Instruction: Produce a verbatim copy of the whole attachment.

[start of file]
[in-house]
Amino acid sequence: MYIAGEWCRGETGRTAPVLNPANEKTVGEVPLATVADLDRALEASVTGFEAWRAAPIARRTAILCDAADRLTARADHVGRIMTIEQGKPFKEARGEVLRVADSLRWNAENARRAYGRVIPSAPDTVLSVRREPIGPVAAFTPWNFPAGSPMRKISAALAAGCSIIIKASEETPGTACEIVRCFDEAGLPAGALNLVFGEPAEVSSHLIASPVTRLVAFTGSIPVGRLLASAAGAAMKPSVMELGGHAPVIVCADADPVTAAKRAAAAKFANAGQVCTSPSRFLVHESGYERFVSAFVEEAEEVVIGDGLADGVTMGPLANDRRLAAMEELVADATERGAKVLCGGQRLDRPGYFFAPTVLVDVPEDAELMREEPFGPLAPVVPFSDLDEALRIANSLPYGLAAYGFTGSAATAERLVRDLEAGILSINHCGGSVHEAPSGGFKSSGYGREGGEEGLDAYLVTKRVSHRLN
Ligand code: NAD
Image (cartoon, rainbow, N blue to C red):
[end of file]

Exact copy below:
[in-house]
Amino acid sequence: MYIAGEWCRGETGRTAPVLNPANEKTVGEVPLATVADLDRALEASVTGFEAWRAAPIARRTAILCDAADRLTARADHVGRIMTIEQGKPFKEARGEVLRVADSLRWNAENARRAYGRVIPSAPDTVLSVRREPIGPVAAFTPWNFPAGSPMRKISAALAAGCSIIIKASEETPGTACEIVRCFDEAGLPAGALNLVFGEPAEVSSHLIASPVTRLVAFTGSIPVGRLLASAAGAAMKPSVMELGGHAPVIVCADADPVTAAKRAAAAKFANAGQVCTSPSRFLVHESGYERFVSAFVEEAEEVVIGDGLADGVTMGPLANDRRLAAMEELVADATERGAKVLCGGQRLDRPGYFFAPTVLVDVPEDAELMREEPFGPLAPVVPFSDLDEALRIANSLPYGLAAYGFTGSAATAERLVRDLEAGILSINHCGGSVHEAPSGGFKSSGYGREGGEEGLDAYLVTKRVSHRLN
Ligand code: NAD
Image (cartoon, rainbow, N blue to C red):